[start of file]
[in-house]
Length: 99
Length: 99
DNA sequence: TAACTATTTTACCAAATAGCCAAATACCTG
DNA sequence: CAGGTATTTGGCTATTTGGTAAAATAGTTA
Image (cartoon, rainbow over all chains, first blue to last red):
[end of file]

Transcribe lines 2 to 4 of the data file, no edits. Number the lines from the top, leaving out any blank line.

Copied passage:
Length: 99
Length: 99
DNA sequence: TAACTATTTTACCAAATAGCCAAATACCTG